I just skimmed through this piece of opinion excellence at the StarLedger.

Bob Braun thinks we should go ahead with the Hudson River Tunnel even though we probably won’t need it and can’t afford it,  because if we don’t it will make our grandkids think we’re over-regulated wussies or something (Er, Bob, we ARE over-regulated wussies).

Most disturbing about the sinking of the ARC is its symbolic reversal of faith in progress. At one time, politicians of all ideologies recognized building and maintaining infrastructure was essential to continued growth. Now many conservatives cannot see beyond the demand for another tax cut. The tea party ideology warns of future deficits but ignores the real threat of the disintegration of public works.

Writer Joe Conason used a phrase to describe this shortsightedness. He said we have become “a generation of termites” that will leave to our grandchildren maybe a smaller deficit, but also a nation crumbling from within because we are so afraid to spend money.

Bob. Bob. Bob. We used to have faith in progress…but that was before anything we wanted to slap up required who knows how many studies to discern any environmental impact on earthworm habitats, destruction of rat tunnels and the harm caused to the local schist. Progress today is destroyed by making sure even the gnats are undisturbed, every local crank and loon is heard in scads of town hall meetings and requiring even the catering trucks have ludicrous amounts of flood insurance. Then consider the corruption and incompetence of managing a big project (See Dig, Big of Boston, MA).

And it’s worse when it isn’t even that great an idea.

Gee Bob, let’s consider a few things before we spend what will likely cost $30 billion more than budgeted by the time we’re done:

* With VPNs and Skype, the need to work next to one another is less. Ride the PATH to NYC on a Friday morning…no problem getting a seat…why? Because as casual Fridays are now the norm all week, so will working from home or from a local office become more of a norm. Think about 10 years ago, it was rare that companies even had casual Fridays…Think of what video conferencing and WebEx is now…imagine how that will be in 10 years.  People will work more locally and will connect in larger groups periodically for meetings. It’s already starting to happen. Why lose 2 and a half hours commuting when you can get the same work done in your den? And do we really think that NYC will have that many more jobs and workers in 10 years…as more and more office buildings become residential condos? With fewer workers to transport…big new tunnels are not so important, are they?

* NJ road maintenance is now worse then Pennsylvania’s…which takes doing. Don’t believe me? Take a spin, Bob, on North Avenue from Centennial Ave to the Garden State Parkway North on-ramp. Make sure you have a cup of piping hot coffee in your lap and hug the left side of the turn lane! If we can’t even passably maintain our current roads…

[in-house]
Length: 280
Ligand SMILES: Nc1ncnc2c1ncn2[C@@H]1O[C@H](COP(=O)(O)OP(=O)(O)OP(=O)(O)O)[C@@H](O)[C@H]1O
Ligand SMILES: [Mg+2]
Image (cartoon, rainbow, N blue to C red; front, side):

* NJ Transit operates like a third-world railway. Maybe they could use some of them computer thingys and be able to increase throughput in the tunnel they have, or maybe find a way to avoid having a train break down inside a tube at 7:30 am once a week. (Or the derailment like the one on 10/25/10) They don’t deserve a first-world tunnel. They could make serious service improvements simply by being less boneheaded.

* If you want to impress the grandkids, build the Somerset Freeway.

There are other things to consider before plunking down a ton of cash (with NY’s contribution being $0 no less) and building  something that may not be needed in the end. NJ will be stuck holding the bag for ALL of the cost overruns. The probability of major cost overruns is close to 100%.

Much as I would love a 1 seat trip to NY Penn as the trip to Newark is too short to get a good nap…and the countless times you pull in and see your connection going out…the tunnel could improve that situation (but it’s not certain that it would).

But I can’t get on board with a new tunnel. Not with NJ having uncapped cost liability.

See, Bob, conservatives aren’t termites. Infrastructure projects are one of the few things besides military that they LOVE spending money on. Because people actually derive benefit from them.

The termites are those that are the non-monetary barriers to progress, the regulators, the environmentalists, the overly-empowered NIMBYS, the corrupt politicians who ensure their pals get rich, the unions with their workrules, and a government who takes no responsibility to manage a project properly.

And annoying columnists who consider a column researched by talking to one guy, hate the governor and write pedestrian columns that poorly sell a pretty poor idea.